Beth had various 1960s colors from the Eischler color palette for us to consider and the samples came home from Dick’s color center (Benjamin Moore paints – of course) and after much debate we decided on orange (Pumpkin Cream). With several applications of plastic wood, extensive sanding and a serious coat of primer, the doors got their first two coats of orange on July 27th. A third, finishing coat was applied several days later. Although it took Beth a while to acclimate to the color, I think it makes the front of the Retro Ranch pop! We hope you agree. 

We have contracted to have brass trim strips added to the bottom of the doors, not so much as an accent but rather to keep the veneer from peeling up. It may be a month or two before this gets installed. Soon we will do the complete blog on the front of the house with the new exterior accent lights but I am very pleased with how the door turned out. Orange you?

Sunday, August 26, 2018

The Insulation Project

Well hello out there! Did you think we forgot you? Or more importantly, did you think we stopped working on the Retro Ranch? Although this year’s projects haven’t been quite as dramatic in their immediate result there have been a number of improvements made in our ongoing restoration of the Retro Ranch.

As you may recall there never seems to be a “simple” project at the Ranch. It always seems that to accomplish one project involves multiple side projects, or as they say in the corporate world – scope creep. We knew we needed to insulate the attic as heat rises, the house could have been warmer last winter and what limited insulation there was had collapsed or was removed during the bathroom project of last summer. So hiring an insulation contactor and getting 16” of insulation seems simple enough you say? Silly reader, this is the retro ranch so…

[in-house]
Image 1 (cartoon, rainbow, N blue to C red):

Attic Access and Storage

The Retro Ranch is several hundred square feet smaller than our previous townhome and we were challenged with where to store offseason, seldom used and bulky items. The attic, though not tall had been made accessible by some pull downstairs in the hallway. Unfortunately they were rather flimsy and didn’t close completely making them unsightly in the hallway. There was also access to the attic in the garage. However this required a ladder to the access panel and the space had no decking to store things on.